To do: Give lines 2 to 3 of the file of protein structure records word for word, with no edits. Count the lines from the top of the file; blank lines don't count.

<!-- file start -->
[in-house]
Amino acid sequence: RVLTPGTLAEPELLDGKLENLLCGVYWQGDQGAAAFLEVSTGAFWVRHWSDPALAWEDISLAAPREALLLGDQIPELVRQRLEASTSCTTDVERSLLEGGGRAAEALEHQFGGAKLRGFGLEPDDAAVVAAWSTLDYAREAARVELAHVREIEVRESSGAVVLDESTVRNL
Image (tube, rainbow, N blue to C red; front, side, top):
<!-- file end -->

Amino acid sequence: RVLTPGTLAEPELLDGKLENLLCGVYWQGDQGAAAFLEVSTGAFWVRHWSDPALAWEDISLAAPREALLLGDQIPELVRQRLEASTSCTTDVERSLLEGGGRAAEALEHQFGGAKLRGFGLEPDDAAVVAAWSTLDYAREAARVELAHVREIEVRESSGAVVLDESTVRNL
Image (tube, rainbow, N blue to C red; front, side, top):